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This Is The Secret To Female Pleasure

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This Is The Secret To Female Pleasure

The secret to female pleasure starts with a “c.” Do you know what it is?

How do I make her want to have sex more often? What makes a woman have anorgasm? What do women really want in bed? As a woman, how can I really tell my partner about the secrets of my body? If your #1 resolution for the New Year is be better in bed, read on.

Partners have needed precise information about how to touch their female partner and women have needed unambiguous language to communicate their unique preferences for stimulation.  You would think a simple show-and-tell would be enough for sexual attunement but I listen daily to endless frustration from partners who say:

“I have told him what I like but he never really seems to get it.”

“I have begged her for information about her body, but she’s either too shy to say or possibly too ignorant herself – she doesn’t know what makes her come.”

On the eve of 2016, you would think that this isn’t revolutionary news but it is –                    female pleasure is about the clitoris!

Her clitoris is the center of her sexual nerve endings giving her the capacity to reach orgasm even multiple orgasms with manual, oral or vibratory stimulation. Maybe because of the media or because it is what they need, men still think that her pleasure is all about intercourse – long and hard.

A patient this week told me he thought the penis and vagina were like hand in glove – what he was feeling was what she was feeling. Not even close. The clitoris, not the vagina, is analogous to the penis.  If you’re a man, imagine having sex without having your penis touched. Right. As far as women are concerned, their clitoris is the secret of the universe!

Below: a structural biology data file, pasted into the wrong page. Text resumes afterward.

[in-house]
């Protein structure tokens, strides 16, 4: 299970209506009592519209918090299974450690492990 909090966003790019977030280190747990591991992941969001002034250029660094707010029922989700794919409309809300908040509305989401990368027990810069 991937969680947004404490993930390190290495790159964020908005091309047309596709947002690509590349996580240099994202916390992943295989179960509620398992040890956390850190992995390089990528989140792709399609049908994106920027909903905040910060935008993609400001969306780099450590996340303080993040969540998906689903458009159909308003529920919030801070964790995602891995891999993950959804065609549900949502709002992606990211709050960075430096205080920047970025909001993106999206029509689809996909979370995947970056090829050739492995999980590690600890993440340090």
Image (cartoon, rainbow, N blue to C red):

Finally, there is a new web-based resource at OMGYES.COM(link is external) to help both men and women learn clitoral stimulation techniques and give couples a playful way to talk about what works for her.  I would also recommend this site for a woman to watch by herself if she hasn’t been able to attain orgasm.

Combining qualitative research from over 1000 women in the OMGYES Study of Women’s Sexual Pleasure (done by researchers Debby Herbenick, PhD and Brian Dodge, PhD – paper to be published soon) and technology, OMGYES(link is external) co-founders Lydia Daniller and Rob Perkins have produced a website featuring a series of women in videos openly and unabashedly telling their sexual stories – their sexual histories, the moment of orgasmic discovery, most pleasurable touch techniques and psychological insights into their relational needs for their ideal times in bed.

With rare vulnerability compared to pornography, selected interviews are available on the website. Certainly explicit, the film clips show naked vulvas and women touching themselves, but to quote one subscriber, “it’s not porny.”

No one can have a concrete playbook of moves that turn a woman on. But the website, in fact, captures the diversity of methods that women use to pleasure themselves insuring the need for conversation and intimacy.